It’s that time of year when many a novelist-in-the-making, whether of P.I. stories or other fare, begins to think about attending a writers conference. Should they? Should YOU?
Please note I’m not talking about a fan convention or weekend workshop. When I say “conference” I mean a week-long event where participants attend two or three specialized classes every day, and perhaps one-shot panels or lectures in the afternoon and evening. For example, a writer might attended sessions on novel writing and poetry writing every morning, or sessions on nonfiction writing and play writing. Class choices might even include some specialties, such as mystery writing or SF-fantasy writing.
Tuition for a week of teaching by established writers is pricey. I’ve taught at some very good ones: the Antioch Writers' Workshop, Mark Twain Writers Conference (now defunct), Cape Cod Writers Conference (reconfigured). My students always gave enthusiastic evaluations of my classes. Nonetheless, I confess to mixed feelings about how useful a writers conference actually is.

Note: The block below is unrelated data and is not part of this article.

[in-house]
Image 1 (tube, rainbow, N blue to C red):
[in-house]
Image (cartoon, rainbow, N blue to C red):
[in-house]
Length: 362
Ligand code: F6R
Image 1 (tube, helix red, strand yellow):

This week and next, I’ll offer input to help you decide whether it’s worth big bucks to attend a writers conference. Keep in mind that on top of registration, you’ll have transportation, lodging and food expenses.
Let me start your decision making process by asking two questions:
Give these questions more than passing consideration. Write down your answers. Then stop back on Feb.16 (or 17 if the Monday post is late going up).
In next week’s post, Part Two, I’ll tell you what to expect at a conference. And what you’re not likely to find. I’ll also share ideas on how to get the greatest benefit from your attendance and how to decide if you should wait another year.
Now. Hole up in your Cave of Honesty and come back next week.
M. Ruth Myers writes the Maggie Sullivan mysteries as well as other books. She was on the original faculty of the Antioch Writers' Workshop.